With Emmanuel Macron’s election as French president, a sharp critic of Germany’s vast export surplus has become one of the most powerful men in Europe. Although his opinion is shared widely by commentators, politicians, and organisations such as the IMF, the German public is still largely ignorant of the devastating consequences of the macroeconomic policies of its current government. Unless this changes, the internal cohesion of the European Union and the well-being of its citizens are under serious threat….
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Jean-Claude Juncker, the President of the European Commission, recently presented a White Paper on the Future of Europe outlining five possible scenarios for the Union’s future. In a joint statement, the French and German foreign ministers have already endorsed one of these, the so-called “Europe of multiple speeds”.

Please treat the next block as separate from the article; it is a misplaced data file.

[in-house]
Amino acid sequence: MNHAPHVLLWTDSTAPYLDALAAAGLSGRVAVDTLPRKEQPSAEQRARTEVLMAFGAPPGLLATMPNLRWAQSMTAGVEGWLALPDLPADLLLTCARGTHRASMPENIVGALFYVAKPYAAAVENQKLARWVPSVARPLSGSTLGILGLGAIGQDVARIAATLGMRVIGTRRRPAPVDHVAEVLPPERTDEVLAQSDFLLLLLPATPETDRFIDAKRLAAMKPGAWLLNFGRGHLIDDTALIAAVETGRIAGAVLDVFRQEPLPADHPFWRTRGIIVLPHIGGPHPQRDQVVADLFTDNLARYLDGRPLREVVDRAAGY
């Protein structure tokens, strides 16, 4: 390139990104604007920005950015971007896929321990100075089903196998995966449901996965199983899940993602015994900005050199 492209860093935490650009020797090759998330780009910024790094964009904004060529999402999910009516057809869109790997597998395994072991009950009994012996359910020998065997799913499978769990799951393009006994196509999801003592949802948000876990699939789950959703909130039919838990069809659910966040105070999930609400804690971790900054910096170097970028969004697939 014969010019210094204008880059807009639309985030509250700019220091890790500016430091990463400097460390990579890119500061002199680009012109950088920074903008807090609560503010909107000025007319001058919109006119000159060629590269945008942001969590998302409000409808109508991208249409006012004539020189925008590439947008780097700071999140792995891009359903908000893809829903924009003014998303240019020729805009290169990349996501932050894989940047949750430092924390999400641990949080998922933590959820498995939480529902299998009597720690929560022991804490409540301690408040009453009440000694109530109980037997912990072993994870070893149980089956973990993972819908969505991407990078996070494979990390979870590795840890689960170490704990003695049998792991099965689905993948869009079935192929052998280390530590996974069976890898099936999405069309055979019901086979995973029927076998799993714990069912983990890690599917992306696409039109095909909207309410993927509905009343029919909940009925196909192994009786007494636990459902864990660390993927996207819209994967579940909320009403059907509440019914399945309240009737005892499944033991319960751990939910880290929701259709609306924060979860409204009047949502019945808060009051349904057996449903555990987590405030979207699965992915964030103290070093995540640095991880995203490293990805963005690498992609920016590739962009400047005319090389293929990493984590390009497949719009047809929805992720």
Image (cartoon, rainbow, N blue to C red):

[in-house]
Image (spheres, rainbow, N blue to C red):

The concept is not new, and bears some risks, but is the only conceivable option given the current political circumstances. Europe of multiple speeds, or as the White Paper frames it “Those Who Want More Do More,” means that countries willing to integrate further in certain policy fields can do so without an obligation for others to follow their lead.
In fact, this is already a reality. The EU currently has 28 member states, 22 of which form the Schengen area that also includes non-members such as Switzerland or Liechtenstein. 19 states have accepted the Euro as their common currency, and Denmark has an opt-out clause in the field of foreign security. However, until now these differences have been exceptions. This could change now. Europe’s leaders realise they need to find a way forward in a Union that is under threat from many sides. “Carrying On” is not an option anymore.
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